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2007 (EN)
Optimal treatment in acute variceal bleeding (EN)

Avgerinos A.,
Armonis A.,

SUMMARY Different treatment strategies have been used to control variceal haemorrhage including drugs, oesophageal tambonade, endoscopie sclerotherapy or ligation, TIPS, and surgery. Optimal therapy should stop bleeding and prevent early rebleeding. The initial resuscitation of patients is as important as the other specific measures to promote haemostasis. Balloon tambonade is a highly effective treatment to achieve a temporary control of bleeding but it carries a very high risk of complications. Pharmacologie treatment has the theoretical advantage of allowing specific therapy without requiring any complicated equipment and experienced personnel. Drugs currently used in the treatment include vasopressin, terlipressin and somatostatin or its analogues octreotide and vapreotide. In clinical studies somatostatin was more effective than vasopressin and as effective as terlipressin but with improved safety profile. Endoscopie treatments (sclerotherapy and ligation) are highly effective in achieving haemostasis but they are largely depended on the experience of the endoscopist. The association of endoscopie with pharmacologie therapy (preferably somatostatin), used as soon as the diagnosis is suspected (before the endoscopy) and continued for five days, currently appears to be the best approach to treatment. TIPS is indicated in patients in whom bleeding cannot be controlled or recurs after two sessions of endoscopie treatment. Keywords: Portal hypertension, bleeding oesophageal varices, cirrhosis, sclerotherapy, lipation, vasoactive drugs. (EN)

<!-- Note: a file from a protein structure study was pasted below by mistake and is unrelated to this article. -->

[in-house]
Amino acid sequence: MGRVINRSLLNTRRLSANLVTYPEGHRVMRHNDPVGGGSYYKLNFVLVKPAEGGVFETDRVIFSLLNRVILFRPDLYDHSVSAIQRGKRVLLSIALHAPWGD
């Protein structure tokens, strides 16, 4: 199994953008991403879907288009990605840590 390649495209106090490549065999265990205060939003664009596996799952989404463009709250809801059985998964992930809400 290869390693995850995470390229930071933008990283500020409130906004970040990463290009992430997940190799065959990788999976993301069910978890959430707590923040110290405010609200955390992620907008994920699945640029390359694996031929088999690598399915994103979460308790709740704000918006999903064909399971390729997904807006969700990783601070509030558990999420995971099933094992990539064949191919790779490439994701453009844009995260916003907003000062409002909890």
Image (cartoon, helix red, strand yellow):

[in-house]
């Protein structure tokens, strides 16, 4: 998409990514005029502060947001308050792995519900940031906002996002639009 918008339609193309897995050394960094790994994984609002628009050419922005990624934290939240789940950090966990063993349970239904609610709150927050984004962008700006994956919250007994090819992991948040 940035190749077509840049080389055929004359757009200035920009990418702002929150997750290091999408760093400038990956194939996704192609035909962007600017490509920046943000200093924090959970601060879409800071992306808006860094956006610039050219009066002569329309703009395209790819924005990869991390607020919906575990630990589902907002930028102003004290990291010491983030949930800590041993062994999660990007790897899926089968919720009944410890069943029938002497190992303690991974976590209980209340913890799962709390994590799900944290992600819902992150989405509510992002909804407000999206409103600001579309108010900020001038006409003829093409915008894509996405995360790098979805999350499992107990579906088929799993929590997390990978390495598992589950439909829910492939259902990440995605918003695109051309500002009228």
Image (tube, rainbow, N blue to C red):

Hellenic Society of Gastroenterology (EN)

Annals of Gastroenterology; Volume 14, No 3 (2001) (EN)

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